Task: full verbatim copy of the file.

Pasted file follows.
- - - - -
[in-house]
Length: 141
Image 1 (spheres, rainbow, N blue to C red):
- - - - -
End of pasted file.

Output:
[in-house]
Length: 141
Image 1 (spheres, rainbow, N blue to C red):